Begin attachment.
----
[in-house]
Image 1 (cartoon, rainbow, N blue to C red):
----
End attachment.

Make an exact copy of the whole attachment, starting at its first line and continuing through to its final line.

[in-house]
Image 1 (cartoon, rainbow, N blue to C red):